Evaluating the Ineffectiveness of the League of Nations and the United Nations

Topics: World War II, League of Nations, Korean War Pages: 8 (2804 words) Published: February 5, 2006
After World War I, Woodrow Wilson presented his Fourteen Points to achieve world peace. Among these points was the suggestion of forming the League of Nations. This organization was to help member countries discuss with one another about pressing issues. At the Paris Peace Conference in 1919, the League of Nations was created. The organization is made up of the secretariat, council, and the assembly (League of Nations). The Disarmament Commission was by far the most important commission for peace. The League had a few successes but many more losses before its end when no members wished to meet any longer. World War II began shortly after. The war was a great tragedy to all of the nations involved. A feeling of a need of peace, similar to that following World War I, consumed the world. An organization called the United Nations was formed by Franklin Delano Roosevelt went into effect on October 24, 1945 (United Nations, Eleanor). Its purpose was extremely similar to that of the League of Nations. The UN was to keep peace be acting as a "mediator" between the groups involved with the conflict (United Nations, Eleanor). Peacekeeping missions are very significant in the battle for world peace. Both of these organizations had its successes and failures along its existence. The failures of the League of Nations and the United Nations seem extremely similar, and it is surprising how the problems of the League could not have been identified and corrected as the United Nations was formed.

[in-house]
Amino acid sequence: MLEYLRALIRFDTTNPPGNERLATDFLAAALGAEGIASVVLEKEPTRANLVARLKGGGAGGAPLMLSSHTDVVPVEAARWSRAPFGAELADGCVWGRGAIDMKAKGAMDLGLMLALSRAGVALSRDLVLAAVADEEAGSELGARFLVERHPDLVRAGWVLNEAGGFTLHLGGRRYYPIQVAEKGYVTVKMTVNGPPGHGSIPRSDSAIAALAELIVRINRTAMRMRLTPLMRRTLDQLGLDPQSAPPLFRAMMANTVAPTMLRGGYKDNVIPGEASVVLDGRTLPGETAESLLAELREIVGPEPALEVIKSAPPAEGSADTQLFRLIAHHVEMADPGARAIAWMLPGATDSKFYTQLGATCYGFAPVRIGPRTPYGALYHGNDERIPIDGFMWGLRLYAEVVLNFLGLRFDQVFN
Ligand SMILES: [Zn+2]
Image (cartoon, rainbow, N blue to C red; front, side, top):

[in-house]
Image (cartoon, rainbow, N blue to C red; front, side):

In hindsight, there are many reasons that could contribute to the idea that the League of Nations was never going to function properly. For one thing, the League of Nations did not own a military force to use at its dispense for peacekeeping missions and such. Without an armed military base and means of force, there is no way that the League of Nations could have had an impact on situations. So naturally, there was a need to borrow troops for the member nations. Unfortunately, the members were hesitant to donate these troops. Without this armed force, the League was required to come up with another method to enforce its settlements. To solve this problem, the League decided to use economics to its advantage. The member nations would refuse to trade with the unruly nation in order to make an impact. This was quite ineffective since the League of Nations failed to note that the nation it is trying to penalize has the full ability to trade with countries that are not part of the League. (League of Nations)

France and Britain both felt as though their affairs should not get involved with the League of Nations. Being "Great Powers" and not being involved means a loss if impact for the League. France and Britain then fell to the method of appeasement as Adolf rose in power. (League of Nations). This policy differs from that needed to keep the League of Nations functioning at its full potential.

The greatest weakness of the League of Nations was the fact that the United States never joined, even though Woodrow Wilson was the architect of it. Without this power, success of the organization was inevitable. The United States held the keystone to the League's destiny of success or collapse (The Gap In the Bridge). This major power would have provided the necessary root for the League of Nations to succeed and make a difference.

During the 1930s, a few members began to leave the League, which most obviously decrease its power. Japan decided to leave when it felt as though the League of Nations was "euro-centric". Italy also left in 1937. When came to power, Germany was removed. The Soviet Union was forced out of the League due to aggression with Finland (League of Nations). With the exit of all of these powers, it was impossible for the League to have enough influence to actually have an impact.

Another huge weakness of the League of Nations concerned its decision-making process. A unanimous vote was...
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